‘Tax it or lose it,’ is the DVLA’s message to drivers of untaxed vehicles. But tax-dodgers could lose more than just their wheels.
Last year, the DVLA removed nearly 600 items of personal belongings from untaxed vehicles, including some rather odd appurtenances. We’re not talking about sunglasses, phone chargers and gym shoes, here.
— DVLA (@DVLAgovuk) September 6, 2018
Somebody out there is living with half a corner sofa, because the other half was found in an untaxed car. Time to find out when DFS is going to have another sale?
Meanwhile, somebody is missing their Beavis & Butthead trading cars, a jockey has lost three helmets, and someone is learning to live without a quantity of men’s torso mannequins. What goes on behind closed doors, etc.
Other items include a quad bike, an acoustic guitar, a toilet, fishing rods, full drum kit, a set of golf clubs and a Louis Wain book of illustrated cats from the 1920s.
We’re not experts in the field of Louis Wain illustrations, but a cursory glance at the listings of a well-known auction site would suggest that the book could be worth more than the annual Vehicle Excise Duty (VED) for a typical motor.
Any personal belongings found in impounded vehicles are catalogued and stored for a period of time in case they are claimed, before being made available for sale.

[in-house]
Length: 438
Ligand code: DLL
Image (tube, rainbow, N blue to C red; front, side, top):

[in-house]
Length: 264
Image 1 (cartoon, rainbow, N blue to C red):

Clamping down on tax-dodgers
Tim Burton, head of enforcement at the DVLA, said: “Having your car clamped is expensive and inconvenient – and as this list of items shows, you could end up losing more than just the car!
“DVLA operates a range of measures to make vehicle tax easy to pay and hard to avoid. While the vast majority of motorists do the right thing and tax their cars correctly, it is right that we take action against those that break the law and fail to tax their car.
“It’s never been easier to tax your car – it’s just a few clicks to do it online and you can do it 24 hours a day. You can also spread payments across the year by Direct Debit, so there really is no excuse.”
Wheelclamping is one of a range of enforcement measured used by the DVLA. The motorist will have to pay a release fee of £100 and – if they’re unable to show that the vehicle has been taxed – a surety fee of £160.
This fee is refunded if the motorist is able to show that the vehicle has been taxed within 15 days of the vehicle’s release. If the release fee has not been paid within 24 hours, the vehicle is impounded and the cost rises to £200.
Then, the motorist will be charged a storage fee of £21 per day, along with a surety fee of £160. If in doubt, tax it or declare it off the road (SORN).